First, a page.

Sample sizes (PDF, 39 KB)
*Analysing Data for Interpretation progression, 4th–5th steps *

## The purpose of the activity

In this activity, the learners develop an understanding of how sample size influences the accuracy of a survey.

## The teaching points

- The learners understand the concept of variation, including: each sample gives different results; smaller samples tend to be more variable than larger samples; larger samples tend to be more similar to each other and to the population data.
- The learners understand that a random sample is a sample of a population where each member of the population has an equal chance of being in the sample.
- Discuss with the learners relevant or authentic situations where the size of the sample influences the accuracy of the results (quality checks, election polls).

## Resources

## The guided teaching and learning sequence

1. The context for this activity relates to the question “How many glasses of water do New Zealand tertiary learners drink in a day?” Discuss with the learners what they know about the benefits of drinking water and how many glasses of water they drink each day. Ask:

“About how much water is it recommended we drink each day?”

“What do we mean by a glass?”

“Do other drinks count?”

“Is it important we all agree on what to include as glasses of water?”

2. Record on the board the number of glasses of water drunk by people in the class the previous day. Here is an example set of responses from 12 people: 4, 4, 2, 6, 1, 0, 1, 6, 8, 2, 1, 9

3. Illustrate these results on a dot plot:

“What can you say about this information?” (More than half drink 4 or less glasses of water a day; only 2 people (17%) drink 8 or more glasses a day)

“What is the mean?”

“What is the median?”

“What is the range?”

“Can we use the results of this survey to make comments about New Zealand tertiary learners more generally?”

4. Ask the learners how we could improve the survey to answer the question: “How many glasses of water do New Zealand tertiary students drink in a day?”

The learners’ responses may bring up a number of issues, including:

- The class is not representative of all tertiary learners.
- The sample was not random.
- The sample size is only 12, which is not large enough.
- The previous day is not random and may have been affected by weather or activity.

5. The size of the sample raises the question of how large a sample should be. To investigate this further, explain to the learners that they are going to compare samples taken from a ‘population’. Have the learners work in groups or pairs and give each group or pair a bag of 100 glasses of water cards. Tell them that the bag contains 100 people’s responses to the glass of water survey. Ask them to take 10 cards from the bag and record the results on a dot plot.

6. Tell them to repeat this four more times, returning the 10 cards to the bag between each sample. Give the learners the dot plot template (Appendix C) so that the dot plots are recorded under each other for comparison. Ask the groups to consider their five dot plots. Ask:

“Do all your graphs (dot plots) have the same shape?”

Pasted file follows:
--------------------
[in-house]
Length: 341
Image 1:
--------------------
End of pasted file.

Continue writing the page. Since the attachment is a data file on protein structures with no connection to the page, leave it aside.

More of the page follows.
“What do you think the next sample of 10 will be?”

“Can you confidently say how much water you think the population of 100 people drink?”

7. Encourage the learners to notice that each sample is different from all the others and that there is considerable variation in smallsized samples. Encourage the learners to use statistical language when they are describing the dot plots by writing key words (‘sample’, ‘population’, ‘sampling distribution’, ‘outliers’, ‘spread’, ‘range’, ‘skew’) on the board for the learners to refer to.

8. Ask the learners to take 30 cards from the bag and record the results on a dot plot. Display the dot plots from the various groups of learners on the board. Ask the learners to make statements about the graphs. To encourage more discussion about the shape of the graph, you could show the following sketches of graph shapes and ask the learners which drawing is the best shape for their data.

“Which is the closest shape to your data?”

“Which graph is least like your data?”

Encourage the learners to explore their reasoning.

9. Ask the learners to display their data on a bar chart, using the model from Appendix A. Discuss the fact that the use of bar charts (with percentages) rather than dot plots (with frequencies) allows samples of different sizes to be compared more easily.

10. Display the graph of the population (Appendix A: Glasses of water graph) and ask the learners to reflect on how close their samples of 30 and 10 were to representing the population.

### Number of glasses of water per day

11. Ask:

“Which of the samples (10 or 30) were closest to representing the population?” (Generally smaller samples tend to be more variable than larger samples. This means that small samples are often not representative of the population.) “Were all the samples of 30 equally close at representing the population?” “Why or why not?” (Larger samples tend to be more similar to each other and to the population data; however, they will still be variable.)

## Follow-up activities

Ask the learners to look for reports of surveys in local newspapers. Ask them to consider if they have enough information to be confident about whether the survey is representative of the population, considering the following questions:

“What is the size of the sample?”

“How was the sample selected?”

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